When I was young I swore by H P Lovecraft while my friend championed Machen. At the time I thought <i>The Hill of Dreams</i> pretty insipid compared to anything with Cthulhu in it. Several decades on I felt that I have to give Machen another chance, as it were, and this edition of <i>The Great God Pan</i> (and the two companion pieces in this volume, <i>The White Pyramid</i> and <i>The Shining People</i>) provided the opportunity.Machen <i>fin-de-siècle</i> novels are still a taste I have yet to acquire. By today's standards the horror (and Machen tends to get his characters to refer to 'horror' in case we can't put a word to their feelings) is pretty tame, more alluded to than described. The title story is about the degradations that are begat on a particular individual and visited on those that come into intimate contact with her. The answers to the mysteries are obvious to the reader, but the narrators and protagonists, not to mention the dilettantes and flaneurs of Late Victorian Britain, seem blind to the implications of what they are investigating, and the tale seems rather overlong as a consequence.The other two slighter tales are, strangely, more convincing. <i>The White People</i> suffers from a clumsy framing device, but the ever-flowing and scattergun chattiness of the child narrator in the central portion strike me as typical of children's descriptions generally, in the way that the dialogue in the opening section (on the nature of evil) is rather artificial and less true to life. <i>The Shining Pyramid</i> has been described as almost an occult Sherlock Holmes story, but I find the detective figure's deductions, for all their apparent logic, come over as pure leaps in the dark as far as realism is concerned, and the climax oddly anti-climactic.Machen's strengths are in creating atmosphere, whether in gloomy London or the eerie depths of the countryside. Claustrophobia is induced by descriptions of dark streets or fog-bound moors and woods, intensified by a general geographical vagueness. Characterisation is less successful; in all three stories I had little sense of individuality, for the men in particular, and had to keep looking back in the text to see who was who in any given passage. While I was unmoved by these tales, I would still like to revisit some of his other stories like <i>The Great Return</i> to see if time has played more fairly with them in my memory. But I'm almost certain my youthful obsession with Lovecraft is a thing of the past, so I shan't waste time on <i>him</i>.A brief word of praise here for this edition's cover artist Chris Iliff, due to his capturing precisely the look I imagined Machen ascribing to the title story's <i>femme fatale</i>. No wonder men went mad staring into those eyes! The Foreword by Ramsey Campbell is, like Machen's prose, strong on atmosphere but comes over chiefly as eulogising, while Tomos Owen's notes (which add in some of the historical, cultural and literary contexts) are workmanlike if not very inspired.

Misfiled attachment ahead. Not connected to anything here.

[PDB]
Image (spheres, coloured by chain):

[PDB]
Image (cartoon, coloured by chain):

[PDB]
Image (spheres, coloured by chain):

Review by shanaqui
I didn't find The Great God Pan (or the other stories in this volume) as scary as I expected to, given the introduction, but there's definitely a sense of chill, a sense of the uncanny. I think they're just so very restrained compared to the guts and gore you come across now -- I don't find these tales as horrifying as Val McDermid's The Mermaids Singing, for example, and I don't think that's intended to be horror. There's something very sedate about Machen's writing, and something picturesque, too.<br/><br/>His is more a horror of not-knowing-quite-what, of things out there in the dark that aren't understood, of rationality meeting the unexplained. I think I prefer it to more modern horror, even if it doesn't give me quite the chill it should.